Rao wrote the blog article Substantive Dignity-Dwarf-throwing, Burqa Bans, and Welfare Rights as well as more-formal articles cited therein:
In a much-discussed French case, Mr. Wackenheim, a dwarf, made his living by allowing himself to be thrown for sport. The mayors of several cities banned dwarf tossing events. Mr. Wackenheim challenged the orders on the grounds that they interfered with his economic liberty and right to earn a living. The case went to the Conseil d’Etat (the supreme administrative court), which upheld the bans on the grounds that dwarf throwing affronted human dignity, which was part of the “public order” controlled by the municipal police. The Wackenheim case demonstrates how a substantive understanding of dignity can be used to coerce individuals by forcing upon them a particular understanding of dignity irrespective of their individual choices.
The issue is not whether laws prohibiting dwarf throwing, burqa wearing, prostitution, or pornography may be desirable social policy. Rather these examples demonstrate that the conception of dignity used to defend such policies is not that of human agency and freedom of choice, but rather represents a particular moral view of what dignity requires. These laws do not purport to maximize individual freedom, but instead regulate how individuals must behave in order to maintain dignity (and in the case of criminal prohibitions, stay out of jail).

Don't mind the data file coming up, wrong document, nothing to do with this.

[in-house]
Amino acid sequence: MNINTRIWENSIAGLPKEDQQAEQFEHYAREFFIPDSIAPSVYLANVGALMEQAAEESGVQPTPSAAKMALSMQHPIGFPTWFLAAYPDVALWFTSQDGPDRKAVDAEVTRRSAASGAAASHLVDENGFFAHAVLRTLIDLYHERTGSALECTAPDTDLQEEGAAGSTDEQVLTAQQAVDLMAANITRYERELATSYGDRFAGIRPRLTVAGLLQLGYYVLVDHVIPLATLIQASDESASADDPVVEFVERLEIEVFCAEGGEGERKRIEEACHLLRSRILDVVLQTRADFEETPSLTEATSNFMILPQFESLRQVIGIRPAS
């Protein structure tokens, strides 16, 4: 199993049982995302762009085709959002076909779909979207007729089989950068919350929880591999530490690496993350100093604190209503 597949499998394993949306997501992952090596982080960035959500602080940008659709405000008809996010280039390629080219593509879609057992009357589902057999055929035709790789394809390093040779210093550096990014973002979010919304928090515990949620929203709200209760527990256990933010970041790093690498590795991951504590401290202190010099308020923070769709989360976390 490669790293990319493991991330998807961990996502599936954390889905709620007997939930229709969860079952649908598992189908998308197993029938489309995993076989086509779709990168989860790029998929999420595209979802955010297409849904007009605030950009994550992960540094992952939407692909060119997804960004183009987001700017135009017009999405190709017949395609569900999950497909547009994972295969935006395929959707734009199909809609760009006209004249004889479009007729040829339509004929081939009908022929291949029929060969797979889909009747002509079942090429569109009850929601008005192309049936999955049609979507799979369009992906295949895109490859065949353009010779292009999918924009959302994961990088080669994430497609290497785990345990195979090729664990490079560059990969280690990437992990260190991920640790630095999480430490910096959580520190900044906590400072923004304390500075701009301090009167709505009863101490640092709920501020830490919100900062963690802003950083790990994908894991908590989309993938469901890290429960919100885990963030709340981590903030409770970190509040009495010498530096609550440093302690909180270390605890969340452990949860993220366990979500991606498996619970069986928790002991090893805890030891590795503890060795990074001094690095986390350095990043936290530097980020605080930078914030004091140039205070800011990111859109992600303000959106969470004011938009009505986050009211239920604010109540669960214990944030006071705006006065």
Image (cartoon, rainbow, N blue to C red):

For the related academic article see Three Concepts of Dignity in Constitutional Law Notre Dame Law Review volume 86, pages 183-271, particularly the "Dwarf Throwing" section on pages 226-227.
So in conclusion, she defended allowing dwarfs who want to be thrown, to be thrown, as opposed to outlawing the practice.